Cyprus Mail

Time to investigate past shady arms deals

Interior Minister Socratis Hasikos has an ambitious reform plan

THE DODGY dealings surrounding the purchase of the Agusta helicopters brings to mind the hysterical arms spending sprees from 1977 to 2003 which appear to be returning now.

Quite correctly, Alithia columnist Alecos Constantinides has raised this big issue in his articles again and suggested the auditor-general extend his investigations to that period, during which the big feast around the table of so-called defence spending took place. Those were the glory days of arms spending.

What took place during that period was in a way a “theft of the century” for the Republic, a theft which greatly contributed to the spectacular growth of public debt, which eventually led the state to bankruptcy in 2011. A huge big part of the reserves of the Social Insurance Fund (a total of €7.5 billion), which had been spent in those years by the state and was written off in 2013, had been wasted on the purchase of unnecessary military equipment that members of the military now say have been discarded after being maintained, at huge cost, for years.

Some official should at last come out and say how much money went on arms spending for all these years. The taxpayers, who have been paying for the purchases for 40 years now, have the right to know how many billions they have paid and how much they still owe for the folly known as “defence-boosting”.

I heard the ludicrous argument by deputies of the House defence committee that in the case of the Agusta choppers they could not be held responsible because – supposedly – they had no knowledge of the matter. Interior Minister Socratic Hasikos, who was the only member of the committee at the time to object to the purchase, quite rightly pointed out that deputies could not use such an excuse. They were obliged to know and if they did not they should have made sure they found out before making a decision.

This is another indication of the complete cluelessness of our demagogues. They become politicians, get elected to public positions, but are oblivious to the basic rules of politics. They do not know that a politician cannot cite ignorance in order to justify mistaken decisions. A politician has an obligation to know and if he does not he needs to learn about the things he is called to take decisions on. For instance, an ignoramus cannot take the post of finance minister and once he has made a complete mess claim that he knew nothing about economics.

Apart from this, it should be noted that in the period I mentioned above the defence committee deputies of the time never claimed ignorance on the issue of arms spending. On the contrary, they presented themselves as so knowledgeable they even visited the manufacturing countries in order to inspect the weapons. And the bills for their travel and accommodation were picked up by the arms suppliers – the people making the tenders – whose guests they were.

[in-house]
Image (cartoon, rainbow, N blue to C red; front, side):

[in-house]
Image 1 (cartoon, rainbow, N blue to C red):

I remember in one case, when the Oerlikon guns were about to be bought, our deputies were the guests of the arms supplier at super-luxury chalets in the Swiss Alps. It was the time when the mindless purchase of guns had reached frightening proportions, not because they were useful but because there was a need to collect and share out the massive backhanders. A very large part of the backhanders, it is almost certain, ended up in the bank accounts of the political parties.

I recall the case of French company SOFMA, which acted as an agent during the George Vassiliou presidency when Andreas Aloneftis was defence minister; it was appointed as the Republic’s exclusive arms supplier. It bought weapons from manufacturers and then sold them to us at extortionate prices. In one case, Loucier – a manufacturer of mortars – sent its representative here to offer a quantity of mortars for CY£38 million, compared to the CY£65 million being asked for the same product by SOFMA, the agent.

What happened next was astonishing. Having been notified by the government, SOFMA sent a letter to the manufacturing company warning that if it did not withdraw its representative from Cyprus the purchase would be cancelled. In the end we paid CY£65 million including the backhanders. Senior officers that sat on the evaluation committees of the time ended up very wealthy but unfortunately neither the auditor-general nor the inland revenue department were interested in carrying out an investigation.

Even now, someone should find the courage to investigate this blatant plundering of public funds. In the meantime, the defence minister, who is preparing to hire 3,000 “professional soldiers” and to put in new orders for “arms systems”, should inform the taxpaying public how many billions we have paid until today on meaningless arms purchases.

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